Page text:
"We've been looking for this effect -- a supernova crashing into its companion star -- since it was predicted in 2010," said lead author Griffin Hosseinzadeh, a UCSB graduate student. "Hints have been seen before, but this time the evidence is overwhelming."

Observations of supernova colliding with nearby companion star take astrophysicists by surprise
Simulation of a Type Ia supernova in which material ejected from the explosion (red) runs into a companion star (blue). 
This collision adds extra ultraviolet light to the supernova as viewed from Earth [Credit: Dan Kasen]
The supernova in question is SN 2017cbv, a thermonuclear Type Ia, which astronomers use to measure the acceleration of the expansion of the universe. This kind of supernova is known to be the explosion of a white dwarf star, though it requires additional mass from a companion star to explode.

The UCSB-led research implies that the white dwarf was stealing matter from a much larger companion star -- approximately 20 times the radius of the sun -- which caused the white dwarf to explode. The collision of the supernova and the companion star shocked the supernova material, heating it to a blue glow heavy in ultraviolet light. Such a shock could not have been produced if the companion were another white dwarf star.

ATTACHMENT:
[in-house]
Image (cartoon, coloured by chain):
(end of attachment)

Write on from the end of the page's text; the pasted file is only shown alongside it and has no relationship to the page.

"The universe is crazier than science fiction authors have dared to imagine," said Andy Howell, a staff scientist at LCO and Hosseinzadeh's Ph.D. adviser. "Supernovae can wreck nearby stars, too, releasing unbelievable amounts of energy in the process."

Observations of supernova colliding with nearby companion star take astrophysicists by surprise
Smoking gun: Unlike 'regular' supernovae, whose change in ultraviolet brightness follows the gray curve, this one 
increased in brightness faster over the first two days, before slowing down (blue curve). This bump in the light curve 
likely reflects the slamming of material from the exploding white dwarf into a companion star 
[Credit: Griffin Hosseinzadeh]